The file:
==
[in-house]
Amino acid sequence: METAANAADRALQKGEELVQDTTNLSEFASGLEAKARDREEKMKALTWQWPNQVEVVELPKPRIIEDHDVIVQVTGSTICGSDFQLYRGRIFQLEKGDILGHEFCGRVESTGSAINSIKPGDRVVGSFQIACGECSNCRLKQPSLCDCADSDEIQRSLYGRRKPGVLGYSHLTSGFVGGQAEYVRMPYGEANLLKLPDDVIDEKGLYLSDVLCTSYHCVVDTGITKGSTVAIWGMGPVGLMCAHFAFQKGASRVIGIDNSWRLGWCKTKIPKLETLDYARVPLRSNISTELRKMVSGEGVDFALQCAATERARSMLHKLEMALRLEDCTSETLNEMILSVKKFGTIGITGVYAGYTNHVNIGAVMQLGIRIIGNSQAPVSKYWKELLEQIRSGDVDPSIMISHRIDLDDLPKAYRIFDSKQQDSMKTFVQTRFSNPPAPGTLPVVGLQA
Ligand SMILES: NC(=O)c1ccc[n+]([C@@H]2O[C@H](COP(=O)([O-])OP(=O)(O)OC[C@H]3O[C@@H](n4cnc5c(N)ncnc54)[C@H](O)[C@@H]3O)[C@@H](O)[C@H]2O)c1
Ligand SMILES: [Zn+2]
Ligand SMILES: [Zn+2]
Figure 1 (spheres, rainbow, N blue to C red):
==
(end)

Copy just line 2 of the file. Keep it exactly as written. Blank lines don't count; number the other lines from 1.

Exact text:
Amino acid sequence: METAANAADRALQKGEELVQDTTNLSEFASGLEAKARDREEKMKALTWQWPNQVEVVELPKPRIIEDHDVIVQVTGSTICGSDFQLYRGRIFQLEKGDILGHEFCGRVESTGSAINSIKPGDRVVGSFQIACGECSNCRLKQPSLCDCADSDEIQRSLYGRRKPGVLGYSHLTSGFVGGQAEYVRMPYGEANLLKLPDDVIDEKGLYLSDVLCTSYHCVVDTGITKGSTVAIWGMGPVGLMCAHFAFQKGASRVIGIDNSWRLGWCKTKIPKLETLDYARVPLRSNISTELRKMVSGEGVDFALQCAATERARSMLHKLEMALRLEDCTSETLNEMILSVKKFGTIGITGVYAGYTNHVNIGAVMQLGIRIIGNSQAPVSKYWKELLEQIRSGDVDPSIMISHRIDLDDLPKAYRIFDSKQQDSMKTFVQTRFSNPPAPGTLPVVGLQA